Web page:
Fact set 1. America today consumes ~20 million barrels of oil per day (a barrel is a term for 42 gallons). About sixty percent of that is used for transportation – gasoline for cars, diesel for trucks & trains, and kerosene for airplanes. At $90 per barrel, America spends over $650 billion dollars per year. (One of third of that is imported which currently constitutes about one-third of our trade deficit.) Assuming gasoline is 50% of the oil consumption and an average price per gallon of $3.00, American’s spend $1.2B per day at the pump.
Fact set 2. There are 245 million cars, SUVs, light trucks and minivans on the roads and in the driveways of America. I recently watched a video of Jay Leno taking delivery of a Chevy Volt and contrasting it with his 1906 Baker Electric. Jay owns a lot of cars and there are more cars than drivers, but let’s assume 250M cars for the calculation. According to the EPA the average fuel efficiency is 21 mpg. Thus the total miles driven by cars, pick-ups, and vans is 3 trillion per year or ~12,000 per year per car.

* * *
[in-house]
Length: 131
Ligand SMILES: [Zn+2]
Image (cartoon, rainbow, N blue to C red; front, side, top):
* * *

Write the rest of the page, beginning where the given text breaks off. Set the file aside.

The Chevy Volt has a battery powered electric drive with a gasoline powered battery charger. The battery powers the first 50 miles (from a 16KW-Hr battery), then the 9.3 gallon gasoline engine provides an additional 250 miles. It is essentially a hybrid with a different drive train than the Toyota and Honda version introduced in the last decade.